Academic journal article Child Welfare

Characteristics of Difficult-to-Place Youth in State Custody: A Profile of the Exceptional Care Pilot Project Population

Academic journal article Child Welfare

Characteristics of Difficult-to-Place Youth in State Custody: A Profile of the Exceptional Care Pilot Project Population

Article excerpt

This study examines the characteristics of Texas youth designated as 'most difficult to place' recipients of service under the "Exceptional Care Pilot Project" (N = 46). Find- ings include, among others, high levels of comorbid psy- chiatric disturbance (> 3 diagnostic groupings), physical (78.3%) and sexual (88%;) maltreatment, and placement breakdowns (m = 4.8 therapeutic placements). This initial profile of the population provides a base for helping other states identify and plan for the needs of their most trou- bled youth.

The number of children in state custody has risen dramatically over the past decade. The complexity of their service needs has placed enormous pressure on the child welfare system of care. Although some of these children are initially admitted to care to protect them from their damaging environments, extensive histories of childhood maltreatment reduce their ability to relate to substitute caregivers. In some instances, children present such serious behavior problems that parents may refuse to accept responsibility for meeting their ongoing needs and abandon them to the care of the state. Indeed, there are as many children now placed in the custody of the child welfare system for the legal reason of "unruly" behavior as there are for neglect and abuse (Glisson, 1996).

These children are more difficult to place and service in residential settings. The most severely disturbed are referred to hospital and residential treatment, 1) for behavior bizarre, disruptive, dangerous to the youth or others, 2) for failure of the youth to respond sufficiently to outpatient services, and 3) because home, school, and other social settings are unable to cope with the behaviors of the youth or are maintaining or exacerbating the symptoms (Forand, 1999). Placement breakdowns are common and facilities find they have inadéquate resources for supervising and meeting the needs of violent, destructive, or aggressive children (Kearns & Jellinek, 2000).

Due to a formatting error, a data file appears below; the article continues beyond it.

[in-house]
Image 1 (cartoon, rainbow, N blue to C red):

Although failed placements are often viewed as a consequence of children's out-of-control behavior, unstable placement histories are, in fact, a consistent predictor of increased emotional and behavioral problems (Newton, Litrownik, & Landsverk, 2000). Children with multiple placements, for example, are more apt to end up in incarceration settings (Jonson-Reid & Barth, 2000) or have other negative outcomes (Berrick, Needell, Barth, & Jonson-Reid, 1998; Courtney & Barth, 1996; Eckenrode, Laird, & Doris, 1993; Widom, 1991). The frequency of placement disruptions was made evident by Wells and Whittington (1993), who found that slightly less than 25% of all children referred to a residential treatment center over a twelve-month period had between 6 and 23 out-of-home placements. These repeated changes undermine a sense of stability. With each move, children may experience an increased sense of rejection and impermanence. New attachments may be more difficult and lead to a "pattern of reciprocal alienation and rejection" (Proch & Taber, 1985).

In 2000, the Texas Department of Protective and Regulatory Services (TDPRS) initiated the Exceptional Care Pilot Project (E6) to provide "exceptional" care to the 20 to 30 most difficult-to-place children in the state. The goal of the E6 pilot project was as follows:

To provide residential treatment services to children needing level 6 care in an environment other than hospital setting. Services will include protecting the well-being of the child, enhancing the child's functional abilities and preparing the child for his/her permanency planning goal, by providing the following services as appropriate:

1. routine child care which ensures the health and safety of the child;

2. appropriate educational, recreational, and vocational services; and

3. behavior management, diagnostic services, and medically necessary health care services. (Texas Department of Protective and Regulatory Services 2000, p. …

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